Here are the factors that will impact future lending decisions:
Beginning this year, lenders will be prohibited from extending mortgages to borrowers who cannot afford it under the Consumer Financial Protection Bureau’s new ability-to-pay rules.
Credit scores of less than 640 will fall under the category of “subprime.” Banks making subprime loans would have less legal protection so they presumably won’t make such loans in the future.
Banks would have less legal protection to make loans that do not have a minimum down payment of 10%, which is the minimum requirement under the qualified residential mortgage (QRM) rule.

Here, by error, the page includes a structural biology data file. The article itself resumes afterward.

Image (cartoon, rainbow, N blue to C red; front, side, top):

Borrowers’ debt cannot exceed 43% of their gross income
Banks have been forced to repurchase many poorly underwritten loans that were sold to the GSEs (government-sponsored enterprises or GSEs, Fannie Mae and Freddie Mac, and loans backed by the Federal Housing Administration) and private investors during the boom days. Fannie and Freddie have been particularly aggressive in their repurchase claims. These new rules aimed to create more responsible lending practices could eliminate more buyers from the market and then half of the mortgage-origination market in the long run.